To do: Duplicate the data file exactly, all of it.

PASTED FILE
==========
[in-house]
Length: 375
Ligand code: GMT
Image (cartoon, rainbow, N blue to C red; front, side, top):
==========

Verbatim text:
[in-house]
Length: 375
Ligand code: GMT
Image (cartoon, rainbow, N blue to C red; front, side, top):